NASA Worldview is a free online visualization tool that is a great launchpad for learners who are new (or
Can you tell El Nino from La Nina? This interactive was created by UCAR Center for Science Education using satellite images of the height of the ocean surface. Students interpret these images to identify whether they represent El Nino, La Nina, or neither event (La Nada!).
This investigation is part of the NASA: Mission Geography Module "What are the causes and consequences of climate change?" that guides students through explorations in climatic variability and evidence for global climate change.
Check out this hands-on demonstration of the El Niño Effect, trade winds, and upwelling provided by NASA's Jet Propulsion Lab
Credit: JPL's Sea Level Program
Students will examine a 2014-2015 El Nino Southern Oscillation (ENSO) event to identify relationships among sea surface height, sea surface temperature, precipitation, and wind vectors.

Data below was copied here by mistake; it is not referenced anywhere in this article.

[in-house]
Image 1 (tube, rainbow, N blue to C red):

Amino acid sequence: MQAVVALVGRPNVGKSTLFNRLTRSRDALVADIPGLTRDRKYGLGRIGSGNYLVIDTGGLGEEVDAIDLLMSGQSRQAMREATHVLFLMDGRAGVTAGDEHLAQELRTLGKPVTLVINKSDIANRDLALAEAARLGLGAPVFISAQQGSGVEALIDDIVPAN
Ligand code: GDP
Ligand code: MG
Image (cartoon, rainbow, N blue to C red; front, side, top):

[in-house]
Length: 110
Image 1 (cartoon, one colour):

El Niño is a condition that sometimes occurs in the Pacific Ocean, but it is so big that it affects weather all over the world. Weather depends a lot on ocean temperatures. Where the ocean is warm, more clouds form, and more rain falls in that part of the world.
Helping students build their understanding of Earth's spheres and how they are connected is difficult. Review the graphics below to help identify the parts of the Earth System and the processes that connect them at the local, regional, and global scales.